@Leeds University Union, November 5 2016

Over 12 years, Damnation Festival has been taken to the hearts of extreme music fans in the UK and abroad.  Why? Just take a look at this year’s line-up. It tells a story a festival that has long since rejected an all-out Satan, corpsepaint and gore path – as tempting as that would have been – and has instead embraced diversity… helping to open a few minds along the way.

So acts like Norway’s prog/BM royalty Enslaved rubbed shoulders with UK post-metal legends Bossk, and Italian psychonauts Ufommamut shared a bill with Irish doomsters Dread Sovereign.

That the annual shindig again sold out was no real surprise. Damnation has become an institution, but one which has retained its independent, good natured vibe and commitment to low prices.

Can you keep everyone happy? Of course not.  The removal of Nails from the line-up (the band recently downed tools) was a blow and the powerviolence trio arguably weren’t replaced, in a like-for-like sense. Perhaps the lack of thrash or death metal heavyweights was also lamented by some fans.

Yet Damnation again showed that in providing a platform for underground bands to shine, it has become vitally important to the scene.

Just ask the black-clad hordes who packed into the Eyesore Merch stage at 2pm to witness Midlanders Conjurer: the quartet are riding high on the success of their debut mini-album, I, and their punishing, sludge-coated barrage threatened to demolish the newly refurbished theatre venue. The maturity of their songwriting isn’t in doubt, but they matched it with a confident, assured performance that would have reaped new converts.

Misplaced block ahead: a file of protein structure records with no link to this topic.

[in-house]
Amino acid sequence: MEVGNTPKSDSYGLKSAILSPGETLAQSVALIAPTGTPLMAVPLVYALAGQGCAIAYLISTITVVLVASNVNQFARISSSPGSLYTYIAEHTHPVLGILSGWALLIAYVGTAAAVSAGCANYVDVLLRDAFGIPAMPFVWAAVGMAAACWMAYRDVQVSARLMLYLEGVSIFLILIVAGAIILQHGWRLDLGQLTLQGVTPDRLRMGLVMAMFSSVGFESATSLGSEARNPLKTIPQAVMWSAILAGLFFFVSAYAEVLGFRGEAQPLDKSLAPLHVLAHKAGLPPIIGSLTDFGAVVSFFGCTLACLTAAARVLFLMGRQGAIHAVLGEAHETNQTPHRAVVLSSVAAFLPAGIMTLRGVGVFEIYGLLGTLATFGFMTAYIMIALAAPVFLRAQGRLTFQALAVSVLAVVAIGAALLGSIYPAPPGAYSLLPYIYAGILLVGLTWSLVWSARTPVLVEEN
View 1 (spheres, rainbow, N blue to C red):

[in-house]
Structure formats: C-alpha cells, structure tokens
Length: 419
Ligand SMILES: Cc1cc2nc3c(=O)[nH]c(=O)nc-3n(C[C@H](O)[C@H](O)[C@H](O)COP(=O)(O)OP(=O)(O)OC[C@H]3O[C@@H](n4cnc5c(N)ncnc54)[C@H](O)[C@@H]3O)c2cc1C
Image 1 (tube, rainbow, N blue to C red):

There’s also a deserved buzz around Venom Prison at the moment. The Welsh quintet’s rabid death metal, politically-charged lyrics and brutal delivery saw them bag a deal with Prosthetic Records for their first full-length, Animus, and they proved a welcome addition to the Terrorizer stage. Vocalist Larissa Stupar adds a dash of crust punk spirit to the band’s thrashy assault, and it made for a vicious half hour.